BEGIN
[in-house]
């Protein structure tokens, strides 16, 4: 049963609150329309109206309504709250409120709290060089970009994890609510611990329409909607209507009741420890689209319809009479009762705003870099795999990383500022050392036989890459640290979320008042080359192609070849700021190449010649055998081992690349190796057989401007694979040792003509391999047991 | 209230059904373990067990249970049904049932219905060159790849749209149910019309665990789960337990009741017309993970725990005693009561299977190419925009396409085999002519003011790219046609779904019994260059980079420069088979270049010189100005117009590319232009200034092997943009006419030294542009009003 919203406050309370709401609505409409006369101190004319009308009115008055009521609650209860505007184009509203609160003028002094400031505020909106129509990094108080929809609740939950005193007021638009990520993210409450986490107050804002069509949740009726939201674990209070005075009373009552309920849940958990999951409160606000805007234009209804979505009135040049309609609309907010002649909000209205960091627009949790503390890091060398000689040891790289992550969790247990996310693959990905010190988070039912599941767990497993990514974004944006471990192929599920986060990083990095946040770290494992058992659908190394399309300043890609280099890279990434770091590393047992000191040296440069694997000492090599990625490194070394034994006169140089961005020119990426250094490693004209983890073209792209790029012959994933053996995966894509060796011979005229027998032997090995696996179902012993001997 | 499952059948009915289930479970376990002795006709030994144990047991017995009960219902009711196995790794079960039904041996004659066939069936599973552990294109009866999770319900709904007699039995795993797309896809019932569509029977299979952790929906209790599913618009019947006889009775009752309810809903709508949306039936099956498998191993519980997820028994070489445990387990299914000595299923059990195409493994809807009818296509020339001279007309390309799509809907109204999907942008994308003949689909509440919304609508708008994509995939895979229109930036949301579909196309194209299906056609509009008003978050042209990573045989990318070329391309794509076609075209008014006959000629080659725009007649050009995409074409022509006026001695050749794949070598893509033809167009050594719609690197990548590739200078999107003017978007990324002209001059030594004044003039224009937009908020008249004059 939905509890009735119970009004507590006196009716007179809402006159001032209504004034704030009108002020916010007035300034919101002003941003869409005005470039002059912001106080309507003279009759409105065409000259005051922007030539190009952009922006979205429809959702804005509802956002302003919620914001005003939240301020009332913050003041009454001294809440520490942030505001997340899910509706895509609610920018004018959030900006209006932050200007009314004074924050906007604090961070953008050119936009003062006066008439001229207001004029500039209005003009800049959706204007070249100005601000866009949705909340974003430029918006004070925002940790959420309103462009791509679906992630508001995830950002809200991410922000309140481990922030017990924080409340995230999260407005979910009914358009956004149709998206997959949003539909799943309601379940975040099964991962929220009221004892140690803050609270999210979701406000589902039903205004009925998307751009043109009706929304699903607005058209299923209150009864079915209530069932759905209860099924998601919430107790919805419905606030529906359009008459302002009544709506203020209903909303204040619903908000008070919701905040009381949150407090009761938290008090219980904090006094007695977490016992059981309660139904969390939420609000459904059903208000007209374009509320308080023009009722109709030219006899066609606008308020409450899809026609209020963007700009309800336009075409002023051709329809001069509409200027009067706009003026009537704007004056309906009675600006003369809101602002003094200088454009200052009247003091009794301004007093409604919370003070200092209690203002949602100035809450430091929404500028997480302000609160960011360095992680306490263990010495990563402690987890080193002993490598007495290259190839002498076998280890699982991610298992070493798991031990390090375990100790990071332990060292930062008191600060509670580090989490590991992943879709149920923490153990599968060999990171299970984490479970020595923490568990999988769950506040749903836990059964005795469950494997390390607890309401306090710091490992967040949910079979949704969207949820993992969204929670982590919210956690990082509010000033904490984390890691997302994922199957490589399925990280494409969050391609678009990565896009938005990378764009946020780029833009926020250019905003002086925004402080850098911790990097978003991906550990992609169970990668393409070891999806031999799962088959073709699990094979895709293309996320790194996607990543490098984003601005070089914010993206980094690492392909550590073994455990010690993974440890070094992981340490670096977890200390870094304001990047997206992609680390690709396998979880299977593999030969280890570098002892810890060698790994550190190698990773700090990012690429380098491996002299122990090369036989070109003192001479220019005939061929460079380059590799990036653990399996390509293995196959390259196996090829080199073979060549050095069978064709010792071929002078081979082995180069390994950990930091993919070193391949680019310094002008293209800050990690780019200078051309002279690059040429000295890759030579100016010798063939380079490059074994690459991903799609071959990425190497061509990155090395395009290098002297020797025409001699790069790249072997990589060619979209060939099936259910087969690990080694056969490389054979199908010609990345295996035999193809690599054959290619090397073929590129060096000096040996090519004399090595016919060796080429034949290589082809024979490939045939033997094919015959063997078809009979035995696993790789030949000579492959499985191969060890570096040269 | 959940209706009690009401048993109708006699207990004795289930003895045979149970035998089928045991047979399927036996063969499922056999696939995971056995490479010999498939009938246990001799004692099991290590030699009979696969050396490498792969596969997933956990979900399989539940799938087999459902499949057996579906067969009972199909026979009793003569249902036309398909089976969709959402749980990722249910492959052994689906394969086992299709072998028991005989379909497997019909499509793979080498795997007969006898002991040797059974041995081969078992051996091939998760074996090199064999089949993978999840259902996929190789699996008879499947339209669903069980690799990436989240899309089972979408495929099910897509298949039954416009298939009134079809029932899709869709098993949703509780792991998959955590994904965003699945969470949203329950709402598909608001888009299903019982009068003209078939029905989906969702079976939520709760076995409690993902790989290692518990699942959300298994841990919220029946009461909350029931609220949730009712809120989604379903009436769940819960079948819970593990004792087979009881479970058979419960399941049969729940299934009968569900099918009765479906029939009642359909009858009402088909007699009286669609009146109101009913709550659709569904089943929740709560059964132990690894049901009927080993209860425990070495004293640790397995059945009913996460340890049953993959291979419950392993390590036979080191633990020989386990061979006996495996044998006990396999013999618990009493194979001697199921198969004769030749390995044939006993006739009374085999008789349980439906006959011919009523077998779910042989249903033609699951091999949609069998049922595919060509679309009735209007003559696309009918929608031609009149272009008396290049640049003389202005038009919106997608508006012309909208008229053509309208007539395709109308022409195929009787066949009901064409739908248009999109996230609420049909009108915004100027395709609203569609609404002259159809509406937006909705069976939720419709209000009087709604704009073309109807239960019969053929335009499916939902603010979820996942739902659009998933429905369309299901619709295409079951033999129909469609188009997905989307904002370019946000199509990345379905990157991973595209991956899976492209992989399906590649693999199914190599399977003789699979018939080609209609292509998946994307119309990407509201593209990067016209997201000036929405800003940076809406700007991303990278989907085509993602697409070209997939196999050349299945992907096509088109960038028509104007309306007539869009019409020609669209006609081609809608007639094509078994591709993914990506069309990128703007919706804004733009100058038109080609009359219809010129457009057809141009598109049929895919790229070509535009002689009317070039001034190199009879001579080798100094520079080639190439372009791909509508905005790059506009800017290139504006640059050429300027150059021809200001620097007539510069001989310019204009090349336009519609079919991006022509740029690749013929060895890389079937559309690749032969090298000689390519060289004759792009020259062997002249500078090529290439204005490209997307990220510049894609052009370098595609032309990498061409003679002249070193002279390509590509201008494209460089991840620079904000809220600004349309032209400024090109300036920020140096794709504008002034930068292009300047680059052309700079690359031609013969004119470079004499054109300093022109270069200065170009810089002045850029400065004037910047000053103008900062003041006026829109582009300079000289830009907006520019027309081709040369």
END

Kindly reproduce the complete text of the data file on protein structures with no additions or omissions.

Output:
[in-house]
């Protein structure tokens, strides 16, 4: 049963609150329309109206309504709250409120709290060089970009994890609510611990329409909607209507009741420890689209319809009479009762705003870099795999990383500022050392036989890459640290979320008042080359192609070849700021190449010649055998081992690349190796057989401007694979040792003509391999047991 | 209230059904373990067990249970049904049932219905060159790849749209149910019309665990789960337990009741017309993970725990005693009561299977190419925009396409085999002519003011790219046609779904019994260059980079420069088979270049010189100005117009590319232009200034092997943009006419030294542009009003 919203406050309370709401609505409409006369101190004319009308009115008055009521609650209860505007184009509203609160003028002094400031505020909106129509990094108080929809609740939950005193007021638009990520993210409450986490107050804002069509949740009726939201674990209070005075009373009552309920849940958990999951409160606000805007234009209804979505009135040049309609609309907010002649909000209205960091627009949790503390890091060398000689040891790289992550969790247990996310693959990905010190988070039912599941767990497993990514974004944006471990192929599920986060990083990095946040770290494992058992659908190394399309300043890609280099890279990434770091590393047992000191040296440069694997000492090599990625490194070394034994006169140089961005020119990426250094490693004209983890073209792209790029012959994933053996995966894509060796011979005229027998032997090995696996179902012993001997 | 499952059948009915289930479970376990002795006709030994144990047991017995009960219902009711196995790794079960039904041996004659066939069936599973552990294109009866999770319900709904007699039995795993797309896809019932569509029977299979952790929906209790599913618009019947006889009775009752309810809903709508949306039936099956498998191993519980997820028994070489445990387990299914000595299923059990195409493994809807009818296509020339001279007309390309799509809907109204999907942008994308003949689909509440919304609508708008994509995939895979229109930036949301579909196309194209299906056609509009008003978050042209990573045989990318070329391309794509076609075209008014006959000629080659725009007649050009995409074409022509006026001695050749794949070598893509033809167009050594719609690197990548590739200078999107003017978007990324002209001059030594004044003039224009937009908020008249004059 939905509890009735119970009004507590006196009716007179809402006159001032209504004034704030009108002020916010007035300034919101002003941003869409005005470039002059912001106080309507003279009759409105065409000259005051922007030539190009952009922006979205429809959702804005509802956002302003919620914001005003939240301020009332913050003041009454001294809440520490942030505001997340899910509706895509609610920018004018959030900006209006932050200007009314004074924050906007604090961070953008050119936009003062006066008439001229207001004029500039209005003009800049959706204007070249100005601000866009949705909340974003430029918006004070925002940790959420309103462009791509679906992630508001995830950002809200991410922000309140481990922030017990924080409340995230999260407005979910009914358009956004149709998206997959949003539909799943309601379940975040099964991962929220009221004892140690803050609270999210979701406000589902039903205004009925998307751009043109009706929304699903607005058209299923209150009864079915209530069932759905209860099924998601919430107790919805419905606030529906359009008459302002009544709506203020209903909303204040619903908000008070919701905040009381949150407090009761938290008090219980904090006094007695977490016992059981309660139904969390939420609000459904059903208000007209374009509320308080023009009722109709030219006899066609606008308020409450899809026609209020963007700009309800336009075409002023051709329809001069509409200027009067706009003026009537704007004056309906009675600006003369809101602002003094200088454009200052009247003091009794301004007093409604919370003070200092209690203002949602100035809450430091929404500028997480302000609160960011360095992680306490263990010495990563402690987890080193002993490598007495290259190839002498076998280890699982991610298992070493798991031990390090375990100790990071332990060292930062008191600060509670580090989490590991992943879709149920923490153990599968060999990171299970984490479970020595923490568990999988769950506040749903836990059964005795469950494997390390607890309401306090710091490992967040949910079979949704969207949820993992969204929670982590919210956690990082509010000033904490984390890691997302994922199957490589399925990280494409969050391609678009990565896009938005990378764009946020780029833009926020250019905003002086925004402080850098911790990097978003991906550990992609169970990668393409070891999806031999799962088959073709699990094979895709293309996320790194996607990543490098984003601005070089914010993206980094690492392909550590073994455990010690993974440890070094992981340490670096977890200390870094304001990047997206992609680390690709396998979880299977593999030969280890570098002892810890060698790994550190190698990773700090990012690429380098491996002299122990090369036989070109003192001479220019005939061929460079380059590799990036653990399996390509293995196959390259196996090829080199073979060549050095069978064709010792071929002078081979082995180069390994950990930091993919070193391949680019310094002008293209800050990690780019200078051309002279690059040429000295890759030579100016010798063939380079490059074994690459991903799609071959990425190497061509990155090395395009290098002297020797025409001699790069790249072997990589060619979209060939099936259910087969690990080694056969490389054979199908010609990345295996035999193809690599054959290619090397073929590129060096000096040996090519004399090595016919060796080429034949290589082809024979490939045939033997094919015959063997078809009979035995696993790789030949000579492959499985191969060890570096040269 | 959940209706009690009401048993109708006699207990004795289930003895045979149970035998089928045991047979399927036996063969499922056999696939995971056995490479010999498939009938246990001799004692099991290590030699009979696969050396490498792969596969997933956990979900399989539940799938087999459902499949057996579906067969009972199909026979009793003569249902036309398909089976969709959402749980990722249910492959052994689906394969086992299709072998028991005989379909497997019909499509793979080498795997007969006898002991040797059974041995081969078992051996091939998760074996090199064999089949993978999840259902996929190789699996008879499947339209669903069980690799990436989240899309089972979408495929099910897509298949039954416009298939009134079809029932899709869709098993949703509780792991998959955590994904965003699945969470949203329950709402598909608001888009299903019982009068003209078939029905989906969702079976939520709760076995409690993902790989290692518990699942959300298994841990919220029946009461909350029931609220949730009712809120989604379903009436769940819960079948819970593990004792087979009881479970058979419960399941049969729940299934009968569900099918009765479906029939009642359909009858009402088909007699009286669609009146109101009913709550659709569904089943929740709560059964132990690894049901009927080993209860425990070495004293640790397995059945009913996460340890049953993959291979419950392993390590036979080191633990020989386990061979006996495996044998006990396999013999618990009493194979001697199921198969004769030749390995044939006993006739009374085999008789349980439906006959011919009523077998779910042989249903033609699951091999949609069998049922595919060509679309009735209007003559696309009918929608031609009149272009008396290049640049003389202005038009919106997608508006012309909208008229053509309208007539395709109308022409195929009787066949009901064409739908248009999109996230609420049909009108915004100027395709609203569609609404002259159809509406937006909705069976939720419709209000009087709604704009073309109807239960019969053929335009499916939902603010979820996942739902659009998933429905369309299901619709295409079951033999129909469609188009997905989307904002370019946000199509990345379905990157991973595209991956899976492209992989399906590649693999199914190599399977003789699979018939080609209609292509998946994307119309990407509201593209990067016209997201000036929405800003940076809406700007991303990278989907085509993602697409070209997939196999050349299945992907096509088109960038028509104007309306007539869009019409020609669209006609081609809608007639094509078994591709993914990506069309990128703007919706804004733009100058038109080609009359219809010129457009057809141009598109049929895919790229070509535009002689009317070039001034190199009879001579080798100094520079080639190439372009791909509508905005790059506009800017290139504006640059050429300027150059021809200001620097007539510069001989310019204009090349336009519609079919991006022509740029690749013929060895890389079937559309690749032969090298000689390519060289004759792009020259062997002249500078090529290439204005490209997307990220510049894609052009370098595609032309990498061409003679002249070193002279390509590509201008494209460089991840620079904000809220600004349309032209400024090109300036920020140096794709504008002034930068292009300047680059052309700079690359031609013969004119470079004499054109300093022109270069200065170009810089002045850029400065004037910047000053103008900062003041006026829109582009300079000289830009907006520019027309081709040369």